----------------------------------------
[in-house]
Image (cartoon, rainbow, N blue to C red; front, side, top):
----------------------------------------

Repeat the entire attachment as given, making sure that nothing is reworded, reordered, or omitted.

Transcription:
[in-house]
Image (cartoon, rainbow, N blue to C red; front, side, top):